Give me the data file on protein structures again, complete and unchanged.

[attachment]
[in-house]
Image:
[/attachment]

[in-house]
Image: